The ark was wanting in the second temple, having been probably burnt with the temple (2 Chronicles 36:19); compare (apocryphal) 2 Esdras 10:22, "the ark of our covenant is spoiled." Its absence was one of the points wherein the second was inferior to the first temple. (See ALTAR.) There must have been some substitute for it, on which to sprinkle the blood, in the holiest, on the great day of atonement; the Jews mention an altar stone, slightly raised from the floor. Pagan nations too had their mystic arks (whence arcanum is the term for a mystery), but so distinct in use from the Mosaic that the differences are more prominent than the resemblances.

The Egyptian arks (on their monuments) were, like the Hebrew ark, carried by poles on men's shoulders. Some had too on the cover two winged figures like cherubim; but between these was the material symbol of a deity, and the arks were carried about in procession to make a show before the people. The ark of the covenant on the contrary was marked by the absence of any symbol of God. It was never carried in procession. When moved it was carefully covered up from the eyes even of the Levites who bore it (Numbers 4:5-6; Numbers 4:19-20): "they shall not go in to see when the holy things are covered, lest they die." Compare 1 Samuel 6:19. In the tabernacle the ark was withdrawn from view in the mysterious holy of holies.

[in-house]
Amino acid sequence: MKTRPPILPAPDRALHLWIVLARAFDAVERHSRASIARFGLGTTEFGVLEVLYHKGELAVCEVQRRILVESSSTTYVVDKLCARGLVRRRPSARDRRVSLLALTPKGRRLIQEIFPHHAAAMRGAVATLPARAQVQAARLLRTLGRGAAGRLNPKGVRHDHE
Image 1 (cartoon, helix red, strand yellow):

It was not moved from its "rest" (Psalms 132:8; Psalms 132:14) when once Jerusalem became the fixed capital, and the hill of Zion God's chosen seat, until its forcible removal under Nebuchadnezzar; God giving up the apostate Jews to the pagan world power. Previously it had a few times accompanied the army (1 Samuel 4:3; 1 Samuel 14:18; 2 Samuel 11:11). But from the first rest was appointed as its final condition, and under David it obtained that "rest" (Deuteronomy 12:10-11; 1 Chronicles 6:31; 1 Chronicles 16:1). Its simple and grand purpose was to be the casket containing the precious tables of stone written with the moral law by God Himself. The originality of the tabernacle furniture and arrangements is more striking than the superficial resemblances which have been traced to pagan usages.


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Bibliography Information
Fausset, Andrew R. Entry for 'Ark of the Covenant'. Fausset's Bible Dictionary. https://www.studylight.org/dictionaries/fbd/a/ark-of-the-covenant.html. 1949.